With dazzling wit and astonishing insight, Bill Bryson – the acclaimed author of The Lost Continent – brilliantly explores the remarkable history, eccentricities, resilience and sheer fun of the English language.
Bill Bryson is the bestselling author of At Home, A Walk in the Woods, The Lost Continent, and A Short History of Nearly Everything, winner of the Aventis Prize. He was appointed Chancellor of Durham University. He is an American journalist who has lived for long periods in England, which accounts for his ability to write a book about English that takes account of both versions and the subtle and not-so-subtle differences between them, which is what he has done in this book.
“The Mother Tongue” is divided into 16 distinct chapters. Each chapter can be read on its own and does not depend on the previous chapter. Starting with “A Short History of Language” touching on how languages developed, and ending with “The Future of English” the book encompasses several subjects. Pronunciations, varieties, and spelling are some items tackled as well as the good and the bad of the English language.
Bryson begins with the dawn of language and wends his way through the history of English presenting information in a refreshing manner. On reading, one will laugh, smile, and frequently read aloud because of the references to other dialects, languages, and accents.
The author takes us on a walk through the history of present day English. From the earliest origins of English in Indo-European roots, to the slang of today’s youth, Bryson presents and explores every aspect of the English language in a clever and humorous way. The book is replete with tid-bits of knowledge, folklore, and culture related to language.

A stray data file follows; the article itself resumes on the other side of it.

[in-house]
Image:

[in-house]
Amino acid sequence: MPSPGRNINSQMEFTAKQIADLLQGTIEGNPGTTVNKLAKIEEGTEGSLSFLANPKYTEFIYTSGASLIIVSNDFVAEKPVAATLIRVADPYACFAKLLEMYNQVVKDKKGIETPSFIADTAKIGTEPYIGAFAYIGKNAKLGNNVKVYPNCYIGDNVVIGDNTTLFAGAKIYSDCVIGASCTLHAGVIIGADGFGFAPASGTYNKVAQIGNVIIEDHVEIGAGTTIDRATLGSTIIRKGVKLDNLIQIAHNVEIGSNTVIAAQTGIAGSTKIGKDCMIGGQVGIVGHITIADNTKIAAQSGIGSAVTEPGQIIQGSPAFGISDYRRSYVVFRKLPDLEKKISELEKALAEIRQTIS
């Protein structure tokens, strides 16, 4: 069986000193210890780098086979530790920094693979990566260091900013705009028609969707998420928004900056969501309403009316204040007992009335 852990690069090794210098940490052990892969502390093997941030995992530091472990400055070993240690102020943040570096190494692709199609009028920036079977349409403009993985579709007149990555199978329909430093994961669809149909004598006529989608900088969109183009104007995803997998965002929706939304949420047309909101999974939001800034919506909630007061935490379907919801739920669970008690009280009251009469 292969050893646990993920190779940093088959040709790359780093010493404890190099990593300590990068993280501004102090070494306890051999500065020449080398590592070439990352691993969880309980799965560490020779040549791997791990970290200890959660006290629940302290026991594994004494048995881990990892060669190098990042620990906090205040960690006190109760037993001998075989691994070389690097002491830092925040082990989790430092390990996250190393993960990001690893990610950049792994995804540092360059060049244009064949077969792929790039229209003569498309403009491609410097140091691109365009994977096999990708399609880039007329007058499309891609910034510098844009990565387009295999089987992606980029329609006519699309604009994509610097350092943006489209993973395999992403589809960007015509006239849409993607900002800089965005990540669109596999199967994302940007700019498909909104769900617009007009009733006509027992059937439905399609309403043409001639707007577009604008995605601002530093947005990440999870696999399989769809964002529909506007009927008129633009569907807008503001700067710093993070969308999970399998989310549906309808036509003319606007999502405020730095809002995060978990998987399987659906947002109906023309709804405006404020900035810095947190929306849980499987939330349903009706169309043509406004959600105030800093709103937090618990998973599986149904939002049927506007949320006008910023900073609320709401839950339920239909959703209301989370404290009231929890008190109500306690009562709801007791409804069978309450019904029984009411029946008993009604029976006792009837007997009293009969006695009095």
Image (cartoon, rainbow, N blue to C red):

Bryson begins with the dawn of language and wends his way through the history of English presenting information in a refreshing manner. On reading, one will laugh, smile, and frequently read aloud because of the references to other dialects, languages, and accents. Bryson’s opinions on comparisons between British English, American English and Australian are pure delight.
Bryson does an outstanding job of making the history of English an amusing and interesting topic. Because of his writing style and rhetoric, he makes the information enjoyable.
The book may not be the most scientific or professional but it offers a treasure chest of knowledge to a language trivia seeker. Bryson covers a variety of topics, including English as a world language, pronunciation, spelling variation, dialects, etymology, word games and swearing. Swearing provides the book’s most entertaining anecdotes and facts.
For any person who ever had to learn idiosyncrasies of the language, this book will provide a fascinating overview of the strange rules and nuances of English. His real subject is English, and here he produces a large number of facts that will surprise most of us.
Did you know that among the new words that Shakespeare coined are the following: barefaced, critical, leapfrog, monumental, castigate, majestic, obscene, frugal, radiance, dwindle, countless, submerged, excellent, fretful, gust, hint, hurry, lonely, summit, pendant, and some 1,685 others? These are just a few of the hundreds of unlikely features of English past and present that Bryson has managed to unearth.
Spelling is a recurrent concern in English and Bryson has a good chapter on it, pointing out many inconsistencies and illogicalities. In his chapter on ‘Good English and Bad’ he remarks that some of the rules you find in books about good writing are based on prejudice.
Bryson condemns the superstition about avoiding ending a sentence with a preposition. He keeps a sound sense of proportion about linguistic change. As he rightly says, the language loses some of its nuances if we fail to distinguish between infer and imply, fortuitous and fortunate, uninterested and disinterested, and so on.
The differences between British English and American English are endlessly fascinating, and can be embarrassing. The book is focused on history – the evolution and oddities of the English language.
His humour often spills out into the footnotes, which he uses to express his own opinions or share anecdotes he finds amusing. One such footnote relates to the naming of chemical substances:
“One of which, incidentally, is said to be the longest word in the English language. It begins methianylgutaminyl and finishes 1,913 letters later as alynalalanylthreonilarginylserase. I don’t know what it is used for, though I daresay it would take some rubbing to get it out of the carpet.” [page 147]
Bryson’s dazzling wit and astonishing insight makes this a remarkably fascinating book.